Could The New Supreme Court Case On Mississippi Abortion Ban Overturn Roe V. Wade?

Reproductive rights are once again under fire.

U.S. Supreme Court Steven Frame / Shutterstock

With Roe v. Wade hanging in the balance, the Supreme Court has agreed to hear a case that could redefine abortion laws in the U.S.

The case concerns a controversial Mississippi law that heavily restricts abortions after 15 weeks, raising fears over whether the conservative-led court will consider a challenge to Roe v. Wade. 

Roe v. Wade, the 1973 landmark Supreme Court decision legalizing abortion nationwide prior to viability, allows pregnancy to be terminated within the first 24 weeks. 


The Mississippi test case, which proposes a ban on abortions significantly before fetal viability, creates further obstacles for pregnant people seeking abortion care. But the state has been urging the Supreme Court to use the case to clarify, or change, abortion precedents. 

After being rescheduled over a dozen times, the Supreme Court will hear the case, known as Dobbs vs. Jackson Women’s Health Organization, next term. A decision is expected by June 2022. 

In the midst of a culture war in which an almost 50-year-old law seems more vulnerable than ever, the case will test the court — with a 6-3 conservative majority — and their stance on abortion. 


Could Roe v. Wade be overturned by Mississippi’s abortion ban? 

Overturning a landmark case like Roe v. Wade does not happen overnight, nor does it happen easily. However, this is not to say that the precedent is not becoming increasingly vulnerable.

Roe v. Wade may not be explicitly overturned, but rather hollowed out and challenged to the point that it becomes practically irrelevant. 

The Mississippi law does not ban abortion outright, it just moves the goalposts of accessibility. This gives the Supreme Court an avenue to render Roe v. Wade little more than an empty promise. 

Waiting in the sidelines of this case is a series of restrictive abortion laws across states that have yet to go into effect, either because of court actions or later effective dates. South Carolina and Idaho have codified bans this year on abortion at the onset of a fetal heartbeat.


Arkansas and Oklahoma have enacted near-total abortion bans, and Montana capped the procedure at 20 weeks.

Any further challenges to Roe v. Wade could create an open season on abortion bans in red states. 

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What the Supreme Court’s conservative majority means for abortion laws?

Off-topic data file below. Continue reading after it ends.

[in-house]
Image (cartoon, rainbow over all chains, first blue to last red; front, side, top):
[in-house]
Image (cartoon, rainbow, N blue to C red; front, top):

Bans on pre-viability abortion bans have been struck down by the court until recently. In 2016, the court blocked a 12-week abortion ban in Arkansas, the same year a law to limit abortion to the first 6 weeks of pregnancy was stopped in North Dakota.

But the changing faces of the Court in 2020 marked a new threat to Roe v. Wade. Less than 3 months after the death of Justice Ruth Bader Ginsburg, a major advocate of reproductive rights, her seat was given to Justice Amy Coney Barrett, who is documented as being firmly anti-choice.


Since their appointment, the conservative-led Court has expressed a keen interest in rolling back reproductive rights. 

In January, the Supreme Court agreed to limit access to a drug used for early abortions. The court also agreed to hear whether Kentucky's Republican attorney general can defend a controversial abortion-related law even though it had been struck down in lower courts. 

The repeated determinatino to take on these cases reflects a faltering stability in the decades-long movement to extend abortion accessibility and improve reproductive healthcare. 

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What happens if Roe v. Wade is overturned?

The weakening of Roe v. Wade could create dramatic inequality in abortion access across the nation. 

According to a 2020 data analysis, more than half of the states would leave abortion access unchanged. However, for those in the American South and Midwest, especially those in low-income homes, abortion would be effectively inaccessible. 

Without Roe, abortion would probably become illegal in 22 states. 41% of people of childbearing age would have to travel an average of 280 miles to access an abortion clinic, up from 36 miles now.

The data estimates that there would be 100,000 fewer legal, safe abortions per year. But we have no way of knowing how many people would have to put their lives in danger in illegal surgical abortions or by obtaining mail-order abortion pills. 


Even if Roe v. Wade is not overturned, the restrictions the Supreme Court is considering could revoke access, increase wait times, or increase travel distances. 

This creates dangerous, unequal situations where reproductive healthcare is shunned by the highest court in the nation. 

Data shows that abortion rates are broadly the same in countries where abortion is illegal and in countries where it isn’t. The only difference is whether or not these abortions are safe, a difference that is threatened by any restrictive abortion law. 

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Alice Kelly is a writer living in Brooklyn, New York. Catch her covering all things social justice, news, and entertainment. Keep up with her Twitter for more.